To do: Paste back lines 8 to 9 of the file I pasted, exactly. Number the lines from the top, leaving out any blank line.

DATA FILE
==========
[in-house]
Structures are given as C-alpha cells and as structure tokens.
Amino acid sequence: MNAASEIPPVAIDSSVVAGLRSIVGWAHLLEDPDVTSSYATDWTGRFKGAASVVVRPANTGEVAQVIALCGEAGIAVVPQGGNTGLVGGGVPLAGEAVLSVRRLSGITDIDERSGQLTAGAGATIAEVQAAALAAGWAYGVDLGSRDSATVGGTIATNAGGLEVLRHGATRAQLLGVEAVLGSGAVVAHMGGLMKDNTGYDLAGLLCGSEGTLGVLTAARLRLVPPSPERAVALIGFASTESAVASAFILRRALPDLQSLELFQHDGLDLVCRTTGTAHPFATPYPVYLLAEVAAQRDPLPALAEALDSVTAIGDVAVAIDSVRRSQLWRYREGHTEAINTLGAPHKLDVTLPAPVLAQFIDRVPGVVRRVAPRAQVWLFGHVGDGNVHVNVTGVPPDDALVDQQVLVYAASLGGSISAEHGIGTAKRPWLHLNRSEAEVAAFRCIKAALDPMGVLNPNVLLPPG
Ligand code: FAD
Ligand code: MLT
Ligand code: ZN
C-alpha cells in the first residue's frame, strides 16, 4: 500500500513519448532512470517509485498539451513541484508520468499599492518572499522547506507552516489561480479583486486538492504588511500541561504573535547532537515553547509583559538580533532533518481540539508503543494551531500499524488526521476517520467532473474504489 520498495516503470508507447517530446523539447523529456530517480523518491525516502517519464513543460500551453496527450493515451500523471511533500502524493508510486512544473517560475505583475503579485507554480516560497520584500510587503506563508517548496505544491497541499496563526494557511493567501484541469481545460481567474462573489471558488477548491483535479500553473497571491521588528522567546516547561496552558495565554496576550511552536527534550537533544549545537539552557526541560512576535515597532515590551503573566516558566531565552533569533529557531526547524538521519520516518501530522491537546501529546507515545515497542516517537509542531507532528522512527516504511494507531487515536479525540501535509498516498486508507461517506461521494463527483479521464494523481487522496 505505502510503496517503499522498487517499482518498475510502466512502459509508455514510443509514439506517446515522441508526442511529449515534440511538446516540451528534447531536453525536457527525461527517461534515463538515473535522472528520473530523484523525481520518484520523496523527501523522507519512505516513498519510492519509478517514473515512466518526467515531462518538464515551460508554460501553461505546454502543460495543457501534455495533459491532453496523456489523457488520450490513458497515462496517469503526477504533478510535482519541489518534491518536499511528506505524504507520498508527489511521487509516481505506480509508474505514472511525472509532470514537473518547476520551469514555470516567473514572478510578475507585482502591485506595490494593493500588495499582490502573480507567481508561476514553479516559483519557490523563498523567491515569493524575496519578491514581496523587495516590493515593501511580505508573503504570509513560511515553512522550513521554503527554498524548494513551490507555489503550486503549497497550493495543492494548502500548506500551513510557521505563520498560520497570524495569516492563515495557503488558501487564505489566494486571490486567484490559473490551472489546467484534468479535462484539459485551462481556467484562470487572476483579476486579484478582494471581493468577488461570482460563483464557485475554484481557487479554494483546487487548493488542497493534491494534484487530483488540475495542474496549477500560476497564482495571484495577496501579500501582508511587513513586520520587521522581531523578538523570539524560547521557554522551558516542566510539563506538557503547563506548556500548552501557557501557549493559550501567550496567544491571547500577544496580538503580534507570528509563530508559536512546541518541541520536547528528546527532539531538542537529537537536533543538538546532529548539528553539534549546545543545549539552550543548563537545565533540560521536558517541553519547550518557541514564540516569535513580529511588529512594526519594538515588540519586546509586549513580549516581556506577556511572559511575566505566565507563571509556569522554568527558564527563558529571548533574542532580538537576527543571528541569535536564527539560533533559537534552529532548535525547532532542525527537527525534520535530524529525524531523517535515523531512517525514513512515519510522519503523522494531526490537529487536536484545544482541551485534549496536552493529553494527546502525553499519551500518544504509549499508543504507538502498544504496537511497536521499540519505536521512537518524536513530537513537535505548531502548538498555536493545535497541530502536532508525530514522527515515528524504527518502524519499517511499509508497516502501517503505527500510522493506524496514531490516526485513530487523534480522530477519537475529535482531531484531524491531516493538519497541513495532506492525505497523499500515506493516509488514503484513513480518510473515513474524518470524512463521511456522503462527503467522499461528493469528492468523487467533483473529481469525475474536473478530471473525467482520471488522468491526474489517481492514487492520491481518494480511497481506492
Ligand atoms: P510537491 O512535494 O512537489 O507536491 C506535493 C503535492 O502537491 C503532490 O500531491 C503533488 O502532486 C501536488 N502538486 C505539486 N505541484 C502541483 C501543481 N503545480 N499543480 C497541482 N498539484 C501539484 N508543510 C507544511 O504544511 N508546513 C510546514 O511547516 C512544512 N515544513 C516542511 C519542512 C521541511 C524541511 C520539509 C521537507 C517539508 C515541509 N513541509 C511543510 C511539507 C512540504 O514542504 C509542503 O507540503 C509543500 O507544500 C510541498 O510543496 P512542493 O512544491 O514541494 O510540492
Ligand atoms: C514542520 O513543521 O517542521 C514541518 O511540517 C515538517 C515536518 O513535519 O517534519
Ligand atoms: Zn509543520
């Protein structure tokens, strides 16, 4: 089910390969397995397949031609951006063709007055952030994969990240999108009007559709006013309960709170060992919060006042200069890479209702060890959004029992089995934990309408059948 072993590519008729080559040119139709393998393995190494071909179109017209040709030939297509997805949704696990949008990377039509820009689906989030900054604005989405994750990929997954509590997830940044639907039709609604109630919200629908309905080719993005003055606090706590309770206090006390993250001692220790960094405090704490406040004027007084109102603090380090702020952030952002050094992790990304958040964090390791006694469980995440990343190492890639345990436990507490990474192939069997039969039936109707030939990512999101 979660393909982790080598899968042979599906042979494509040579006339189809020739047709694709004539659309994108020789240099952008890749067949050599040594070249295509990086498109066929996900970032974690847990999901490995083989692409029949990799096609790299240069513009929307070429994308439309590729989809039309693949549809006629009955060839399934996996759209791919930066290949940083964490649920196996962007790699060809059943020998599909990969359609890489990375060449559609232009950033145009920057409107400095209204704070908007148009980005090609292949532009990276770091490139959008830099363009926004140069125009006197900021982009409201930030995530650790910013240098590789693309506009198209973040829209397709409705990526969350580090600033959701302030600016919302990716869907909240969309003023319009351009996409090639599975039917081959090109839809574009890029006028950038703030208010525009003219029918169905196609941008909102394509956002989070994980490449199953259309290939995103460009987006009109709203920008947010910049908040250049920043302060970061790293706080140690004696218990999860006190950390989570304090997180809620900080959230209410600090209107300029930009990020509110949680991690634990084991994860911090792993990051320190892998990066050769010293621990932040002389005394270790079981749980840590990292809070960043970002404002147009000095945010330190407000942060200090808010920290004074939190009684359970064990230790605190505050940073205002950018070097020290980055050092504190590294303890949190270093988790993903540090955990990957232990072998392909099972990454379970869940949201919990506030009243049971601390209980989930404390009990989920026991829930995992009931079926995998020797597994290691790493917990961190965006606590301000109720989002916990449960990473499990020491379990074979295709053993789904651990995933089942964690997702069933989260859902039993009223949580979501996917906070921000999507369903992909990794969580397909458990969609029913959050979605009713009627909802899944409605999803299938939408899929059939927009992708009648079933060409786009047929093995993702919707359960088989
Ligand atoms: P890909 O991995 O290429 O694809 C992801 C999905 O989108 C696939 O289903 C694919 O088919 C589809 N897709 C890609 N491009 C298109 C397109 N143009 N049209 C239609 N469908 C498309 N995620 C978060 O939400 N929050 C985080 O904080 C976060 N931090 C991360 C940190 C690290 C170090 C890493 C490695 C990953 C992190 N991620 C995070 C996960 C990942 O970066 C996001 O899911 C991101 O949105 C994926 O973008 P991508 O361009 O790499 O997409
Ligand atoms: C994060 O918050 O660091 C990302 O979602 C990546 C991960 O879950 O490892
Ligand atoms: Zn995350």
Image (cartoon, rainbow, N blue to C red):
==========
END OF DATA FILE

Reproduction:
Ligand atoms: P510537491 O512535494 O512537489 O507536491 C506535493 C503535492 O502537491 C503532490 O500531491 C503533488 O502532486 C501536488 N502538486 C505539486 N505541484 C502541483 C501543481 N503545480 N499543480 C497541482 N498539484 C501539484 N508543510 C507544511 O504544511 N508546513 C510546514 O511547516 C512544512 N515544513 C516542511 C519542512 C521541511 C524541511 C520539509 C521537507 C517539508 C515541509 N513541509 C511543510 C511539507 C512540504 O514542504 C509542503 O507540503 C509543500 O507544500 C510541498 O510543496 P512542493 O512544491 O514541494 O510540492
Ligand atoms: C514542520 O513543521 O517542521 C514541518 O511540517 C515538517 C515536518 O513535519 O517534519